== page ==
According to Center for Naval Analyses (CNA) Senior Fellow Huizhi He, for the sake of U.S. national interests, Washington must develop a strategic, coordinated, government-wide strategy to meet the challenges posed by state-sponsored disinformation and propaganda from Beijing.
“Public diplomacy will be a key component of that, but it’s a much bigger puzzle involving national diplomacy, information, the military, and national power such as the economy,” Ho Hoi-chi said.
According to the CNA study, Beijing’s campaign to build an international communications system is a cross-cutting effort across its entire system of government and is broad in scope, encompassing all aspects of the information environment: digital media and ICT infrastructure, in addition to print, radio and television media.
The CNA study also argues that in order to counter Beijing’s global information and communications offensive, Washington must plan for the long term by closing and addressing U.S. loopholes and vulnerabilities at home and abroad, which Beijing has been exploiting for China’s benefit.
Will the U.S.-China “Media War” Continue?
In fact, during the Trump administration, Washington has already begun to counter Beijing’s international communications offensive.
On February 18, 2020, the State Department announced the designation of five official Chinese media outlets in the U.S. as “foreign missions,” which are required to register their employees and properties in the U.S. with the State Department, just like foreign embassies and consulates. The five media outlets are: Xinhua News Agency, China Global Television Network, China Radio International, China Daily Distribution Corporation, and the Overseas Edition of People’s Daily.
Shortly thereafter, China announced countermeasures on March 18, 2020. China’s Ministry of Foreign Affairs asked the five U.S. media outlets in China – Voice of America, The New York Times, The Wall Street Journal, The Washington Post and Time Magazine – to declare all information about their staff and properties in China
Since then, there have been several rounds of “media wars” between Washington and Beijing, until around September of last year, when both sides restricted the number of expatriate journalists and work visas for each other, and even expelled each other.
U.S. public opinion is closely watching to see if the U.S.-China media war that began under Trump will continue. Will the Biden administration continue its tit-for-tat strategy or will it allow more Chinese journalists to station in the United States to demonstrate the soft power of a free American press?
Jane Kirtley, a professor of media ethics and law at the University of Minnesota, told Voice of America that the free flow of information is currently being very unfortunately weaponized; as a result, journalists from the U.S. and China are sometimes prevented from entering each other’s countries to work because of political reasons. This has resulted in incidents where journalists from the U.S. and China are prevented from entering each other’s countries to work for political reasons.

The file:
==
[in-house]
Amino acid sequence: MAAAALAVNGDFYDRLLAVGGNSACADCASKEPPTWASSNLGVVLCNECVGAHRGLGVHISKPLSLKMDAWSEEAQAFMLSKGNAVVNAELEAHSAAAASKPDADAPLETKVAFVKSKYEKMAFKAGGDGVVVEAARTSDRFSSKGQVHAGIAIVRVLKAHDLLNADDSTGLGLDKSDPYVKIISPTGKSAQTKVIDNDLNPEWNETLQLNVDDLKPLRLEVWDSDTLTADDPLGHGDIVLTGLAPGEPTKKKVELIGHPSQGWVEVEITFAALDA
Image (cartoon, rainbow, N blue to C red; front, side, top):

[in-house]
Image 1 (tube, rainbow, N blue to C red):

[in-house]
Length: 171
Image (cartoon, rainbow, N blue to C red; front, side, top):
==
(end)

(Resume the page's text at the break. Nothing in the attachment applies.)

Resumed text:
While governments have a legitimate interest in protecting their citizens from deliberate attempts to disseminate false information, Professor Cottrelli said, the question of how we can determine what information is “true” is a thorny one that needs to be addressed.
Kotri argues that the ideal way to solve this problem is through a marketplace of ideas; but this will only work if the public is free to seek and receive information from a variety of perspectives and viewpoints.
“When governments try to restrict their populations’ access to information through various media, we have to interrogate: what are they really afraid of? The temptation and impulse of the government to try to control the narrative is very strong, but it runs counter to the principles of freedom of the press and freedom of expression, and shows a profound distrust of the ability of its citizens to think critically,” Kotri said.
Huizhi He, a senior fellow at the Center for Naval Analyses, agrees that this is a very difficult issue; for in fact, the Chinese state-owned media are propaganda agents of the state whose mission is to systematically try to delegitimize U.S. policies and activities. While these Chinese media outlets do engage in some factual journalism, they are not independent news outlets and should not be considered true media.
“Moreover, I doubt that easing restrictions on Chinese media operations in the United States will prompt any reciprocal action on the part of Beijing. The trend over the past few years has been to tighten controls on foreign journalists in China, and I expect that to continue,” Hehuizi said.
Ezell, a vice president at ITIF, disagreed with the proposal to roll back the Trump-era policy and allow more Chinese journalists to station in the United States. He believes the answer to ending the U.S.-China media tug-of-war is for the United States to join with other like-minded countries to push and advocate for China to allow greater press freedom.
“And allowing more Chinese journalists into the United States, especially from Communist Party-controlled or led news entities, will not achieve much,” he said.